Creative composition class - Jeff's Dinosaur WIP Critique please :)



  • I've been doing the creative composition class and got to the point where Jake Parker is showing how he develops thumbnails and Will T says to pause to work on the prompt before watching the rest.

    The prompt is: Jeff's dinosaur had grown so big that he didn't know how he'd get him out of the house. Here are my thumbnails, initial sketch from thumbnail and a quick value study.

    The idea I've chosen to develop is Jeff's Dino curled up to sleep beneath his bed and then he wakes up in the early hours to find his Dino has grown enormously!

    I'm itching to paint this one but I want to go through the whole process instead to jumping ahead.

    Do you have any thoughts on how I can make this better?

    Thank you
    X

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  • This is looking good! I think I would have chosen the same concept to develop out of the thumbnails above. I like the story line of the little dinosaur falling asleep under the bed. It's something you can really picture happening as you read the story and see the illustration.

    I think the anatomy of the dinosaur could use some work. I can't really tell if that's a hind leg or a fore leg. Is the bed on its shoulder, or the back? Is the part on the right it's back or it's hind-quarters? How does the tail come around under the neck? I would suggest drawing-through on each of the body parts to help them connect in a logical manner. Have you watched the Drawing Animals course? I just watched this class, and learning/thinking about the bone structure of an animal has helped me see how the different parts should connect and bend.

    I like the furniture and other items being tumbled over by the expanding dinosaur. I'm not sure about the bookcase falling toward the dinosaur, however. I don't see how that would have happened from this image, unless the whole room is shaking from the dinosaur's movement--but that doesn't really make sense, since the bed is still on top. Maybe if you had the tail where it could have lashed around and knocked things about in different directions, it could look more plausible. I want to see a reason why the items are toppling off the bookcase right at this moment.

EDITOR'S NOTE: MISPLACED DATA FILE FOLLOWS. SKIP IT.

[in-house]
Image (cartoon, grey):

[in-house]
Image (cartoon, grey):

I think the overall composition is very good. You can't miss the main point, & it has 1st, 2nd & 3rd read/hierarchy of the different elements on the page. There is a good balance of detailed area vs. open area, and the text has a good space that fits well with the image. You also did a good job of drawing the eye around the page & always bringing it back into the middle.

    I think with a few adjustments, this could be a really great portfolio piece.



  • @miriam Thank you Miriam! Your a star! This is super helpful and given me quite a few things to think about to push it to make it better. I’m going to do some more thumbnailing & Dino drawing to see how I can resolve the things you’ve brought up. thanks again :)



  • @rachy Your thumbnails look really humorous. I know that eager feeling of wanting to jump right to painting, but you're doing it a better way, with lots of planning on the front end, to save time and fixes on the back end.

    The way you've organized your thumbnails, though, would benefit from a traditional storyboard structure. Here's an example of one I've used (that Lee White might have shared in one of the SVSLearn tutorials):
    0_1527708757354_dummy book planning.jpg

    By using this structure, you'll be thinking of each spread layout, and noticing the pacing and progression more. This book dummy layout is for the standard 32 page book, but other standard lengths are 16, 24, and 48 pages, so you can modify it as needed.